Surface Anatomy of the Upper Limbs

by James Pickering, PhD

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    00:01 In this topic, we're going to look at the surface anatomy and then, the osteology of the upper limb.

    00:09 So, first of all, let's just orientate ourselves and here, we have the anterior surface of the right upper limb, all the way from the shoulder, down to the hand.

    00:20 And there are a number of regions that extend from the shoulder as part of the upper limb.

    00:25 We have the shoulder region up on the top right-hand side of the screen.

    00:29 And then, we extend more distally down through the arm or as some textbooks may refer to the brachium.

    00:35 We then, have the forearm, the antebrachium. And then, most distally, we have the hand.

    00:41 So, we have some very typical features there and divisions, regions of the upper limb.

    00:46 Within these regions, we can actually see some definition on the surface of the skin where the underlying muscles are prominent.

    00:53 So, we can see the deltoid region up here as part of the shoulder where deltoid is situated.

    00:58 We also have a flap of skin here or fold and this is known as the anterior auxiliary fold.

    01:05 It's the anterior margin of the axilla or the armpit. And there, we have the armpit called the axillary fossa.

    01:14 Here, we have a bulge on the prominent anterior aspect of the arm. This is biceps, brachii.

    01:21 And here, we have the posterior surface and we'll see when we turn the arm around, we have triceps brachii.

    01:27 Extending distally onto the forearm, we have brachioradialis muscle.

    01:31 And then, sometimes, you can pick out the various flexors that are passing from the forearm, into the hand, and these are the flexor tendons that go to the hand.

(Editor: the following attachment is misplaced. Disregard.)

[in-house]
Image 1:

01:40 We then, see various aspects to do with the hand, both the thenar eminence, the muscle pad associated with the thumb and the hypothenar eminence, more associated with the little finger which we can see here.

    01:52 Then, just for completion, we can add the various fingers that form the most distal portion of the hand.

    02:00 So, various landmarks you can see there with the muscles protruding and bulging onto the surface of the skin.

    02:07 If we look at the posterior view of the upper limb, and this time, we're looking at the left upper limb, so, the posterior aspect of the left upper limb, we can see again, we have the deltoid region with deltoid being prominent.

    02:19 We have the bulges of triceps, brachii that are passing down towards the forearm.

    02:24 And here, once we saw on the anterior surface but now, we can see brachioradialis muscle and we can see a bony protuberance which is the olecranon and that's important when we look at the elbow joint later on.

    02:36 We can also see various other bony prominences that are important to distinguish as we look at the surface anatomy. We have the styloid process which is part of the radius and the styloid process that's part of the ulnar on both the lateral and medial margins at the wrist joint.

    02:52 We then, see the dorsum of the hand, and again, we can see some elevations which the various extensor digits that are passing all the way to the fingers.

    03:01 And these are coming from various extensor muscles within the forearm.

    About the Lecture

    The lecture Surface Anatomy of the Upper Limbs by James Pickering, PhD is from the course Osteology and Surface Anatomy of the Upper Limbs.

    Included Quiz Questions

    1. Radius
    2. Humerus
    3. Ulna
    4. Tibia
    5. Fibula

    Author of lecture Surface Anatomy of the Upper Limbs

     James Pickering, PhD

    James Pickering, PhD

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